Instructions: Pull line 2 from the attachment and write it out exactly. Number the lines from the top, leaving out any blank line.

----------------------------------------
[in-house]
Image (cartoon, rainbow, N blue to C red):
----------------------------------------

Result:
Image (cartoon, rainbow, N blue to C red):